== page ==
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Every philosopher worth his salt must address with his students the question of what it is that we know when we know; for on the answer hangs the efficacy, indeed, the very worth of all their studies.  The theory of knowledge is tied to the study of reality—epistemology to philosophy—for there is a necessary proportion between the known and the knower, between thing and the thinker.   In the attached extract from his life of St Thomas Aquinas, Chesterton has outlined the philosopher’s teaching on the topic admirably, building on his explication of St Thomas’s teaching on being reproduced in a previous article.[1]

The knowing mind is not merely receptive, nor merely creative; yet it is active, embracing (in the objective concept) the thing in its formality.  As has been remarked in Professor Solomon’s Lessons in Philosophy on this website when we know a tree what we get into our heads is not the tree’s matter.  What we assimilate is its form the tree’s most important constitutive, for without the form the matter would not be that of a tree.  To know is habere aliquid in se formaliter et non materialiter[2] : when we know we assimilate the form of the thing.

Chesterton does something more here.  He isolates the causes of the two aberrations of the age, subjectivism and materialism.  Subjectivism shuns the liberty of reality and the land of the living; shuns the object in favour of introspection.  Materialism reduces the mind to a mere receptor rejecting its active, its creative, impulse in the act of knowing; it conceives man as wholly subservient to his environment.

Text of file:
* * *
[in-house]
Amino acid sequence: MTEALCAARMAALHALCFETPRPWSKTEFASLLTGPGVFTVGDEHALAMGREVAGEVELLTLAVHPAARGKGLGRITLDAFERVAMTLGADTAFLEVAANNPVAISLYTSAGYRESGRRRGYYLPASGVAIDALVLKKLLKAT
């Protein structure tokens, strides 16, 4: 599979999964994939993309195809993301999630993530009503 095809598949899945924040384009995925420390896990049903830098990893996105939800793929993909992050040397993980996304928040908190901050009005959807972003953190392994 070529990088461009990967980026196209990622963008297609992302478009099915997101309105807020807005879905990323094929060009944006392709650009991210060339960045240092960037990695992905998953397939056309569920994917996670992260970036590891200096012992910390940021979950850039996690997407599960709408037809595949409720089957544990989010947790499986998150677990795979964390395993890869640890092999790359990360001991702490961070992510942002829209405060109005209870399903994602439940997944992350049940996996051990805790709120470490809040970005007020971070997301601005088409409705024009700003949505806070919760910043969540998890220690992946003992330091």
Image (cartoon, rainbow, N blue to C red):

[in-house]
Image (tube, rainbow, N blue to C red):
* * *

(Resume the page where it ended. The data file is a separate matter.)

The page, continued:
Michael Baker

May 31, 2020—Pentecost Sunday



Extract from Chesterton’s St Thomas Aquinas, 1933; chapter viii, ‘The Sequel to St Thomas’

The strangeness of things, which is the light of all poetry, and indeed in all art, is really connected with their otherness, or what is called their objectivity. What is subjective must be stale; it is exactly what is objective that is in this imaginative manner strange.  In this the great contemplative is the complete contrary of that false contemplative, the mystic who looks only into his own soul, the selfish artist who shrinks from the world and lives only in his own mind.  According to St Thomas, the mind acts freely of itself, but its freedom exactly consists in finding a way out to liberty and the light of day; to reality and the land of the living.  In the subjectivist, the pressure of the world forces the imagination inwards.  In the Thomist, the energy of the mind forces the imagination outwards, but because the images it seeks are real things.  All their romance and glamour, so to speak, lie in the fact that they are real things; things not to be found by staring inwards at the mind.  The flower is a vision because it is not only a vision.  Or, if you will, it is a vision because it is not a dream.  This is for the poet the strangeness of stones and trees and solid things; they are strange because they are solid.  I am putting it first in the poetical manner, and indeed it needs much more technical subtlety to put it in the philosophical manner.  According to Aquinas, the object becomes a part of the mind; nay, according to Aquinas, the mind actually becomes the object.  But, as one commentator acutely puts it, it only becomes the object and does not create the object.